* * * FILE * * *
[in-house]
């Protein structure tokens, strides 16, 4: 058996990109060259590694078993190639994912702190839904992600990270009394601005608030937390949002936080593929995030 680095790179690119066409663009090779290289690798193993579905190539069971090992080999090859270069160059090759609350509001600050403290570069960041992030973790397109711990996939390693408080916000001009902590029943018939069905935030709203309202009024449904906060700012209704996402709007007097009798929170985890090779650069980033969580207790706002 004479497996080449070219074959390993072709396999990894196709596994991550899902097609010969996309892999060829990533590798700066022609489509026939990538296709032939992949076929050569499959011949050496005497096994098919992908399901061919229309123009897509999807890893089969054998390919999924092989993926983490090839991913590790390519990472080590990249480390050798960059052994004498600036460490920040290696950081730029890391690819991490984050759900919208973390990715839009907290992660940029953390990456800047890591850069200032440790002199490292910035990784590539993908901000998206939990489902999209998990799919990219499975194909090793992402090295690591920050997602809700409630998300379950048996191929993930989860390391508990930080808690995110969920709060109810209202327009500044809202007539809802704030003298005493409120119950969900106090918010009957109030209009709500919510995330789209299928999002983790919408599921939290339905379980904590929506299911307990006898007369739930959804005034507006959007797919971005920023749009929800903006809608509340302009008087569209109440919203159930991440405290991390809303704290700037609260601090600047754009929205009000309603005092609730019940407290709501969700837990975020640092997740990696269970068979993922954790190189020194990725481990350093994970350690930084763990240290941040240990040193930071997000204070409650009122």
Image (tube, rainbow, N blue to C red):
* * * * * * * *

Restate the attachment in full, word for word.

[in-house]
């Protein structure tokens, strides 16, 4: 058996990109060259590694078993190639994912702190839904992600990270009394601005608030937390949002936080593929995030 680095790179690119066409663009090779290289690798193993579905190539069971090992080999090859270069160059090759609350509001600050403290570069960041992030973790397109711990996939390693408080916000001009902590029943018939069905935030709203309202009024449904906060700012209704996402709007007097009798929170985890090779650069980033969580207790706002 004479497996080449070219074959390993072709396999990894196709596994991550899902097609010969996309892999060829990533590798700066022609489509026939990538296709032939992949076929050569499959011949050496005497096994098919992908399901061919229309123009897509999807890893089969054998390919999924092989993926983490090839991913590790390519990472080590990249480390050798960059052994004498600036460490920040290696950081730029890391690819991490984050759900919208973390990715839009907290992660940029953390990456800047890591850069200032440790002199490292910035990784590539993908901000998206939990489902999209998990799919990219499975194909090793992402090295690591920050997602809700409630998300379950048996191929993930989860390391508990930080808690995110969920709060109810209202327009500044809202007539809802704030003298005493409120119950969900106090918010009957109030209009709500919510995330789209299928999002983790919408599921939290339905379980904590929506299911307990006898007369739930959804005034507006959007797919971005920023749009929800903006809608509340302009008087569209109440919203159930991440405290991390809303704290700037609260601090600047754009929205009000309603005092609730019940407290709501969700837990975020640092997740990696269970068979993922954790190189020194990725481990350093994970350690930084763990240290941040240990040193930071997000204070409650009122």
Image (tube, rainbow, N blue to C red):